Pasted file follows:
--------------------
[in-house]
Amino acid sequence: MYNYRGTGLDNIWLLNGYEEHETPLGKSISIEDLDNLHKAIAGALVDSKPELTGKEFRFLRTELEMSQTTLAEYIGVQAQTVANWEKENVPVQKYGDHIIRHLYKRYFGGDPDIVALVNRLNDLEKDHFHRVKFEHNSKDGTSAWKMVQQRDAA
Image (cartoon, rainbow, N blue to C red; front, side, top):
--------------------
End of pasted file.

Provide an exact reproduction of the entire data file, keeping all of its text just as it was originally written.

[in-house]
Amino acid sequence: MYNYRGTGLDNIWLLNGYEEHETPLGKSISIEDLDNLHKAIAGALVDSKPELTGKEFRFLRTELEMSQTTLAEYIGVQAQTVANWEKENVPVQKYGDHIIRHLYKRYFGGDPDIVALVNRLNDLEKDHFHRVKFEHNSKDGTSAWKMVQQRDAA
Image (cartoon, rainbow, N blue to C red; front, side, top):